Due to the wide variety of sequences in the MTM1 gene, which causes this disease, genetic diagnosis is difficult. It is therefore very important to develop a complex molecular diagnostic strategy involving the analysis of myotubularin transcription and protein expression (2). Tosch et al. (2) have developed anti-myotubularin antibodies that can be used together with the amplification RT-PCR and Western-blot analysis of muscle samples and cultured cells. These techniques are useful for the diagnosis of some cases of XLMTM. Amburgey et al. (7) consider that the array-CGH method and the MLPA technique should be used for the diagnosis of those cases in which the MTM1 sequencing does not diagnose the disease.
Clinical course and treatment
Patients affected by XLMTM usually have a fatal outcome during their first year of life. Long-term survivors are at risk for medical complications (3, 11, 13). Herman et al. (11) recommend all XLMTM patients annual blood test follow-up, liver function tests and abdominal ultrasounds.
The treatment of patients suffering from XLMTM is symptomatic. Optimal management requires a multidisciplinary team of specialists treating the patient in the long term. Tracheostomy, enteral feeding and supportive communication devices are often required (15).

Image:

With regard to changes in the neuromuscular junction (24), and to the fatigue that characterizes some cases of XLMTM, Robb et al. (14) propose the use of AchE inhibitors, normally used to treat congenital myasthenic syndromes. The available data (i.e. changes in the neuromuscular junction found in XLMTM simulated models of zebrafish that also responded to AchE inhibitor therapy), suggest that the defect in neuromuscular transmission may accompany some CNM and contribute to muscle weakness.